Interview: Guest Lecturer Holly Black

BlackHolly Black will be a guest lecturer at this summer’s Odyssey Workshop. She is the author of bestselling contemporary fantasy books for kids and teens. Some of her titles include The Spiderwick Chronicles (with Tony DiTerlizzi), The Modern Faerie Tale series, the Curse Workers series, Doll Bones, The Coldest Girl in Coldtown, the Magisterium series (with Cassandra Clare), The Darkest Part of the Forest, The Cruel Prince, and The Wicked King. She has been a finalist for an Eisner Award and the recipient of the Andre Norton Award, the Mythopoeic Award, and a Newbery Honor. She currently lives in New England with her husband and son in a house with a secret door.


As a guest lecturer at this summer’s Odyssey Workshop, you’ll be lecturing, workshopping, and meeting individually with students. What do you think is the most important advice you can give to developing writers?

To write books for their reader selves, rather than the books they think they’re supposed to write. You are your best audience. Continue reading “Interview: Guest Lecturer Holly Black”

Interview: Guest Lecturer Nisi Shawl

Hewlett-PackardAward-winning author Nisi Shawl will be a guest lecturer at this summer’s Odyssey Writing Workshop. She wrote the 2016 Nebula finalist and Tiptree Honor novel Everfair, and the 2008 Tiptree Award-winning collection Filter House. In 2005 she co-wrote Writing the Other: A Practical Approach, a standard text on inclusive representation in the imaginative genres. Her short stories have appeared in Analog and Asimov’s magazines, and many other publications. Shawl is a founder of the Carl Brandon Society and a Clarion West board member.


As a guest lecturer at this summer’s Odyssey Workshop, you’ll be lecturing, workshopping, and meeting individually with students. What do you think is the most important advice you can give to developing writers?

Listen to your inner bell. That’s a maddeningly vague tip, I know, but it’s the closest I can come to describing what it’s like to understand when something just is not working, or when something needs a little tweak to make it work smashingly well, or when you’re laboring over something that is not going to ever work, no matter how you tweak and nudge and sweat and polish it. I’m an aural writer, so I think of it in terms of sound; others may metaphorize the idea differently, but most of you will recognize it. For me, it’s “clunk” versus “bonggg.” Continue reading “Interview: Guest Lecturer Nisi Shawl”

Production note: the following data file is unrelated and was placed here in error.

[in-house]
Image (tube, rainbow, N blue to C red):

Interview: Adria Laycraft

2012 bio pic (1)Adria Laycraft is a grateful member of IFWA and a proud survivor of the 2006 Odyssey Writing Workshop. She works as a freelance writer and editor. Look for her stories in Tesseracts 16, Neo-opsis, On-Spec, James Gunn’s Ad Astra, Hypersonic Tales, DKA Magazine, and In Places Between. Author of Be a Freelance Writer Now, Adria lives in Calgary with her husband and son. She and Janice Blaine have co-edited the Urban Green Man Anthology, forthcoming this August from EDGE Science Fiction and Fantasy Publishing.

Visit the Urban Green Man Anthology site for up-to-date news on authors, art, and release date.

Congratulations to you and co-editor Janice Blaine on the upcoming publication of Urban Green Man! The Green Man (or Woman) is a multi-faceted but ambiguous figure in Celtic mythology, associated with the turning of the seasons and usually found in rural settings. How did you come up with the idea for this anthology? What drew you to the Green Man? Continue reading “Interview: Adria Laycraft”

Interview: Douglas Cohen

Doug CohenDouglas Cohen is a 2000 graduate of the Odyssey Fantasy and Science Fiction Writing Workshop.  He is the former editor of Realms of Fantasy, where he worked for six and a half years.  In the magazine’s final year, they published their 100th issue, won a Nebula Award, and were nominated for a second one.  Along with John Joseph Adams, he is the co-editor of Oz Reimagined, whose contributors include Seanan McGuire, Tad Williams and Jane Yolen, among many more.  His fiction has appeared or is forthcoming in such venues as Space & Time, Fantastic Stories, Weird Tales, and Interzone.  He is currently putting another layer of polish on his novel.

Find Douglas Cohen on Twitter: @Douglas_Cohen.

Keep up with Oz Reimagined news at:  http://www.johnjosephadams.com/oz-reimagined/.


Congratulations on the launch of Oz Reimagined!  What first brought this idea to light? Continue reading “Interview: Douglas Cohen”